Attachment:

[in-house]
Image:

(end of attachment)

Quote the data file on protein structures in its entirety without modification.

[in-house]
Image: